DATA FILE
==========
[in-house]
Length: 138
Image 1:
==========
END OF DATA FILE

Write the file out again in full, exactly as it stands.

[in-house]
Length: 138
Image 1: